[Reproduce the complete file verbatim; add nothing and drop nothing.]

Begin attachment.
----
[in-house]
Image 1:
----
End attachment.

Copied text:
[in-house]
Image 1: